Two things are on and popping in my house these days: the Olympics and barbeque sauce. Not necessarily in that order. Occasionally at the same time.
And as with anything that’s trending in the Bakes household, both are frequently accompanied by vigorous debate as to the proper way to get things done.
With the Olympics it’s a question of event watching management (I’m all about women’s gymnastics, A.’s more of a track and field guy).
With the barbeque sauce it’s a question of sweet Kansas City-style versus vinegar-based Carolina sauce (I’m all about the tart vinegar, A. likes the sugary sweet).
Today, we’re keeping everyone happy with some Texas-style ‘cue sauce and an evening of Olympic water polo-watching.
It’s sort of a natural to settle on a Texas-style barbeque sauce, since it really offers the best of both BBQ worlds: Lone Star ‘cue sauce is not too tomato-y and not too vinegar-y. It’s also marked by a thin, thin consistency, which makes for really easy mopping all over whatever it is that you’re grilling, roasting, broiling or baking.
Basically, Texas-style barbecue sauce is the delicious compromise that’s going to keep the peace between your KC peeps and your NC bros at your next backyard BBQ.
And don’t you dare skip the straining step. You may be tempted – it takes a muscle or two and you’re going to want to put your back into it. But passing this sauce through a fine mesh sieve is important not just to achieve the trademark Texas thin consistency, but it also brings the flavors together in a really important way. Plus you’ll strain out any stray lemon seeds and/or chile pieces that may have found their way into your sauce.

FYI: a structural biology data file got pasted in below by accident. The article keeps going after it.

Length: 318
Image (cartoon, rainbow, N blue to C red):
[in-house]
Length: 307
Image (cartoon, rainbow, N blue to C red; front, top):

Now, unfortunately, I can’t help you with your Olympic viewing disagreements. I would suggest throwing some barbecue on the grill, whipping up some Texas-style sauce to put on top, and resigning yourself to an Olympic badminton match or two. You can get through anything with a plate of saucy barbecue in your hand.
Texas-Style BBQ Sauce
1 c. light beer (I used Natural Light brand beer here but you can substitute any light beer. Just keep it light – you don’t want to be throwing any Guinness into this sauce.)
1 c. tomato paste
1/2 c. white wine vinegar
1/2 c. adobo sauce (I strained this off from a can of chipotle chiles packed in adobo sauce, which you can find in pretty much any major grocery store. Keep the chiles for use in your next dish du jour.)
1/4 c. lemon juice, freshly squeezed
1/4 c. light brown sugar, tightly packed
2 tbsp. granulated onion
2 tbsp. granulated garlic
1 tbsp. cumin, ground
1 tbsp. ancho chile, ground
1 tbsp. Tabasco
Whisk all of the ingredients together in a large, heavy-bottomed pan and bring to a boil. Reduce heat to medium-low and cook for an additional 10-15 minutes, or until the sauce is fragrant and has thickened slightly.
Remove cooked sauce from heat and pass through a fine mesh sieve. Bottle and use immediately or store, covered and refrigerated, for up to 3 weeks.
YIELD: approximately 16 fl. oz.